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John Mahaney, R.I.P.


"John Mahaney is the best swearer in Yates County", I asserted, thrusting out my chin and squinching up my little beady brown eyes. He was also my closest adult companion during my single digit years, and my grandma's second husband.

I found out much later when I was approaching those teen years of superior folk knowledge that he really wasn't that great at cursing. He might have been in the county's bottom twenty, not counting ministers. A comfortable, sturdy middle age man, he was a really important person, for he was all mine (except of course for Maggie, my grandmother, who unobtrusively took care of us both).

John Mahaney was of Irish descent. He had two brothers, Dan and Jim, and a sister, Jule. Julia, James and Daniel all had their pet names, but John Mahaney was affectionately and respectfully always called John Mahaney. I never though to call him Grandpa, though that was his job title.

I tagged him everywhere. He taught me everything I was willing to learn. He also taught me to learn what I didn't want to, then or ever. That helps me 65 years later.

He taught me how to ride free-standing in the shaking bed of a low-sided farm wagon behind a trotting plowhorse. I've used that courage many times in shaky situations.

He taught me to weed a big garden and, gradually, how to weed, what to weed and when to weed... in that order, I learned the physical aspects the first season. The metaphysical side of this is still growing in my soul garden.

John Mahaney introduced me to the stone boat out in his large field next to our barn. Pulled slowly along by his big horse, this battered timber sledge rode the waves of freshly-turned earth as John Mahaney and I trudged along picking out all big stones and rocks of pickable size which had surfaced during the plowing.

He taught me then to pace myself, to pick up my own rocks and pile them on the stone boat, and to depend on bigger people to lift what I still couldn't handle. I learned that hard physical work over hours of time is not fun, lames body and mind alike, and is necessary for growth. Of course, the same is true also of mental and emotional improvement. John Mahaney did not lecture me about that. I am still picking out those rocks of heart and soul.

By the time that I remember, Maggie and John Mahaney had reached a tolerant and healthy living arrangement. She would ask him to do something around her house (jobs now referred to as a honey-do) and he would quietly reply "Yes, Maggie, I'll get to it." Eventually she would do that job herself, becoming quite skilled at many activities normally outside woman's scope in those days. There was never a harsh word.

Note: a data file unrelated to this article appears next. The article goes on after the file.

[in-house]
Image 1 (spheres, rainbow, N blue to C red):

With three or four boarders at every meal, Maggie's kitchen was busy all day. She was a good cook, adept with salt, pepper, herbs and spices. Here John Mahaney volunteered some help. He would taste the peas or yellow beans as they simmered on the coal range, quietly say "Not enough pepper..." and add more, and more. He did not stir or otherwise interfere.

At midday dinner, when I ate my way down toward the bottom of each saucedish of vegetable, the lowest layers would be resting on a black sand beach of crushed pepper, lightly covered by waves of buttery warm milk. Maggie must have loved John Mahaney, for she never made him stop helping.

John Mahaney was a farmer and a handyman. He owned a small farm about three miles north on Flat Street. Flat Street became Hamilton Street at the village limit. I lived at the first corner, four houses from the real farm country. The horse and milk cow lived in our barn, in a bay that later garaged a small truck. The frequent trip to the farm was long enough to be my adventure alone with John Mahaney.

After a satisfying trot along the straight dirt road, we swung the wagon into a short, unimproved farm drive leading to a small, slant-roofed pole barn. There were no other buildings, not even an outhouse. The low barn had its east side open to shelter the wagon, some tools, hay and feed. The western part was a roomy horse stall.

All round was John Mahaney's personal domain, his farm of about 25 acres or so. He had one each of pasture, cornfield, wheatfield, and hayfield, plus an old gnarly apple orchard with trees missing. Below the pasture lay a small woodlot with a swampy end kept damp by the spring.

This swamp became my favorite place on the farm. I suppose it was safe, but at the time it was wild for me. I chased frogs and smelled skunk cabbage. I fingered minnows in the tiny clear stream and muddied my knees along its pools. John Mahaney let me alone. How did he know to? Child psychology had not yet come to Penn Yan.

As I grew I spent less time with John Mahaney, more in school and with young friends. When Maggie died in '34 our times ended. We moved out of the house and to our lake place. He moved in with his sister Jule down the street, and then finished out his working years as the handyman of a home for "colony girls" on Head Street.

Finally, when I was in my mid-teens, John Mahaney gave me a lake front lot. The gift was unexpected. I don't know where he got the property but I sense why he gave it to me in the middle of the Great Depression.

I sold that lot cheap to help myself go to college. The $500 it produced in 1940 made the first couple of years schooling possible at a time when a ten-dollar meal ticket punched out twenty meals a week. Relatives told me I had done a foolish thing again, but John Mahaney never said anything. We did not need to talk about it.

He is long gone now, this dear friend who never had to say he loved me. I smile because he lives on, and I wonder if he would chuckle over this small eulogy. John Mahaney, R.I.P.


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